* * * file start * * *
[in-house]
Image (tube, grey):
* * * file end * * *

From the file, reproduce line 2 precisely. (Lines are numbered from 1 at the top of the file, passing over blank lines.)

Image (tube, grey):